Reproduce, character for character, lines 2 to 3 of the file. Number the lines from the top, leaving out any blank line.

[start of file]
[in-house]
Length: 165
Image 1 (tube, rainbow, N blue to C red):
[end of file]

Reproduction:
Length: 165
Image 1 (tube, rainbow, N blue to C red):